|Tizek L, Schielein M, Rüth M, Ständer S, Pereira MP, Eberlein B, Biedermann T, Zink A. Influence of Climate on Google Internet Searches for Pruritus Across 16 German Cities: Retrospective Analysis. J Med Internet Res; 2019 ||Germany||Between August 2014 and July 2018, “pruritis” and “anal pruritis” were the most searched terms for the topic of pruritis, with more searches related to chronic than to acute pruritis. Temperature had a larger effect on searches than particle matter, humidity, and sunshine duration, with a peak in searches during winter.|
|Kirchberger MC, Kirchberger LF, Eigentler TK, Reinhard R, Berking C, Schuler G, Heinzerling L, Heppt MV. Interest in tanning beds and sunscreen in German-speaking countries. J Dtsch Dermatol Ges; 2017 ||Germany, Austria, Switzerland||During the study window (2004-2016), worldwide searches for sunscreen increased, while tanning bed searches decreased. Conversely, for German-speaking countries, there were more searches for tanning beds than for sunscreen. More education regarding prevention of UVc damage is needed for those residing in German-speaking countries.|
|Toosi B, Kalia S. Seasonal and geographic patterns in tanning using real-time data from Google Trends. JAMA Dermatol; 2016 ||Canada, US, Australia||Public interest in tanning salons and tanning beds has been declining since 2010 in Canada and since 2012 in the United States and Australia. Interest in tanning is seasonal — highest in March in the northern hemisphere, highest in September in the southern hemisphere.|
|Ransohoff JD, Sarin KY. Referred by Google: mining Google Trends data to identify patterns in and correlates to searches for dermatological concerns and providers. Br J Dermatol; 2018 ||US, UK, South Africa, Singapore, worldwide||During the study window (September 2011-September 2016), searches originating in the United States revealed that dermatology is the most frequently searched medical specialty, followed by psychiatry and ophthalmology. This correlates with the proportion of self-referred patients, not with overall volume of visits. Countries in the southern hemisphere, such as South Africa, demonstrate a reversed seasonal search trend for dermatologists compared to countries in the northern hemisphere. Countries without distinct seasons, such as Singapore, were found to have no seasonal variation in searches.|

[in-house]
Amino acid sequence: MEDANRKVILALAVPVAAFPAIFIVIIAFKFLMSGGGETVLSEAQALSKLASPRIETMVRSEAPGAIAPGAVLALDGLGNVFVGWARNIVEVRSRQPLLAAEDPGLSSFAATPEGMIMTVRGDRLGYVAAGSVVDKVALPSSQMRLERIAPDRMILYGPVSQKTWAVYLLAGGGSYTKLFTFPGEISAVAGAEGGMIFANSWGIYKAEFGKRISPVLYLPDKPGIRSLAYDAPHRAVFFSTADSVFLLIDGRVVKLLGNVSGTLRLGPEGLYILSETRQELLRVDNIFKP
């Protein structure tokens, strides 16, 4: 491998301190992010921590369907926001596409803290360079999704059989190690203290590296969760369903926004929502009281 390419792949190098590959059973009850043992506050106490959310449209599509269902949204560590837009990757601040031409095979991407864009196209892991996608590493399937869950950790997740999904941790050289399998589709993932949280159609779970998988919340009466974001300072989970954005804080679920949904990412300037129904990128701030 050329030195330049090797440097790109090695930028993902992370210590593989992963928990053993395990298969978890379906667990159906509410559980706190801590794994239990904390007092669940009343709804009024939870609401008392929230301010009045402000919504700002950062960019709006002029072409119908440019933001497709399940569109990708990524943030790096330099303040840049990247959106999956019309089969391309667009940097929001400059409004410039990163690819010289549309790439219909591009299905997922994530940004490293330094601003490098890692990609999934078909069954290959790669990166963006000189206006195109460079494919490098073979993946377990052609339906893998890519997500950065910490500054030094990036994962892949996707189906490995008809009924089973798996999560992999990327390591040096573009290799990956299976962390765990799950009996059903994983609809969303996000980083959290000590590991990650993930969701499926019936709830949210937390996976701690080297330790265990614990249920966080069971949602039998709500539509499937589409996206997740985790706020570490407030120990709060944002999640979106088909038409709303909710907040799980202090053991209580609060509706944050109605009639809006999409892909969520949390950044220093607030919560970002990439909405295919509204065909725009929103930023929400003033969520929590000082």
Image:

|Kluger N. Insights into worldwide interest in tattoos using Google Trends. Dermatology; 2019 ||Worldwide||Public interest in tattoos increased steadily during the study window (January 2004-December 2018). Interest in tattoos demonstrates a seasonal pattern, peaking in the summer months.|
|Celaj S, Deng J, Murphy BL, Kundu RV. Analysis of population inquiry on practices for ultraviolet radiation protection. Dermatol Online J; 2017 ||US||During the study window (2004-2015), “broad spectrum sunscreen” SVI was highest in June and lowest in winter. After an FDAd announcement in 2011 regarding broad spectrum sunscreen labeling, the SVI for “broad spectrum sunscreen” increased. The “sunblock” and “sunscreen” SVIs were highest in June and lowest in December but were not affected by the FDA 2011 announcement. This suggests that Google Trends can be utilized to monitor campaigns or public health policy changes similar to the 2011 FDA announcement.|